PDM also supports defining groups of dependencies that are useful for development, e.g. some for testing and others for linting. We usually don't want these dependencies appear in the distribution's metadata so using optional-dependencies is probably not a good idea. We can define them as development dependencies:

pdm add -d pytest

This will result in a pyproject.toml as following:

test = ["pytest"]
Save version specifiers

If the package is given without a version specifier like pdm add requests. PDM provides three different behaviors of what version specifier is saved for the dependency, which is given by --save-<strategy>(Assume 2.21.0 is the latest version that can be found for the dependency):

  • minimum: Save the minimum version specifier: >=2.21.0 (default).
  • compatible: Save the compatible version specifier: >=2.21.0,<3.0.0(default).
  • exact: Save the exact version specifier: ==2.21.0.
  • wildcard: Don't constrain version and leave the specifier to be wildcard: *.

Update existing dependencies

To update all dependencies in the lock file use:

pdm update

To update the specified package(s):

pdm update requests

To update multiple groups of dependencies:

pdm update -G security -G http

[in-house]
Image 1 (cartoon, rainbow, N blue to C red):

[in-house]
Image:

To update a given package in the specified group:

pdm update -G security cryptography

If the group is not given, PDM will search for the requirement in the default dependencies set and raises an error if none is found.

To update packages in development dependencies:

# Update all default + dev-dependencies
pdm update -d
# Update a package in the specified group of dev-dependencies
pdm update -dG test pytest

Keep in mind that pdm update doesn't touch the constrains in pyproject.toml, if you want to update them you'd need to use the --unconstrained flag which will ignore all the constrains of downstream packages and update them to the latest version setting the pin accordingly to your update strategy.

Updating the pyproject.toml constrains to match the pdm.lock as close as possible makes sense to avoid unexpected errors when users use other version of the libraries, as the tests are run only against the versions specified in pdm.lock.

About update strategy

Similarly, PDM also provides 2 different behaviors of updating dependencies and sub-dependencies, which is given by --update-<strategy> option:

  • reuse: Keep all locked dependencies except for those given in the command line (default).
  • eager: Try to lock a newer version of the packages in command line and their recursive sub-dependencies and keep other dependencies as they are.

Update packages to the versions that break the version specifiers

One can give -u/--unconstrained to tell PDM to ignore the version specifiers in the pyproject.toml. This works similarly to the yarn upgrade -L/--latest command. Besides, pdm update also supports the --pre/--prerelease option.

Remove existing dependencies

To remove existing dependencies from project file and the library directory:

# Remove requests from the default dependencies
pdm remove requests
# Remove h11 from the 'web' group of optional-dependencies
pdm remove -G web h11
# Remove pytest-cov from the `test` group of dev-dependencies